The man regarded as the “father of the air force” has died in Lower Hutt, at the age of 91.
Sir Richard Bolt joined the Royal New Zealand Air Force (RNZAF) in 1942 and trained as a pilot, before serving with RAF Bomber Command during World War II. He was in the Pathfinder Force, and flew 37 Halifax and Lancaster bomber missions.
He took command of the RNZAF as Chief of Air Staff in 1974, and became Chief of Defence Staff in 1976. He retired in 1980.
Chief of the Air Force Air Vice-Marshal Mike Yardley said Bolt’s decades of service at every level had established him as a cornerstone of the modern air force.
“The status of ‘father of the air force’ was richly deserved. He had an outstanding career, culminating in the highest possible appointments,” he said.
“He was an airman, and a leader of airmen and women, who has been a role model to us all. We are all deeply saddened at his passing, and we offer our most sincere condolences to his family,” he said.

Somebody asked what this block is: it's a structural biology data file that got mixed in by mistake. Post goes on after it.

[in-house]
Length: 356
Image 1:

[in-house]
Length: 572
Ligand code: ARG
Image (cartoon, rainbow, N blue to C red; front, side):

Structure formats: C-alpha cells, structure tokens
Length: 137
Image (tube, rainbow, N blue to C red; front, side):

Bolt stayed in close contact with the RNZAF after retirement.
He was actively engaged with the Bomber Command Association, Brevet Club and Royal New Zealand Air Force Association.
In 2012 Bolt travelled to London to see the Queen unveil of a Bomber Command memorial.
‘‘That was a recognition, belatedly, that meant a great deal to me,’’ he later told The Dominion Post.
The same year he spoke of ‘‘our moments of excitement, flak and night fighters."
‘‘On my first raid we got 50 holes in the aircraft. We had the odd engine knocked out by our own bombs. We had an incident where an incendiary bomb (from another British bomber) lodged in a petrol tank and it did not ignite. There was always a bit of luck in it.
‘‘We were all scared as hell over the target area. After dropping the bombs you used all the tactics you could to get out of the light and get home as quick as we could. It was not a relaxing business. I can't remember worrying about being killed. It was a case of well, if it happens, it happens."
Bolt’s funeral will take place with full military honours at St Paul’s Cathedral in Wellington on Friday.
- The Dominion Post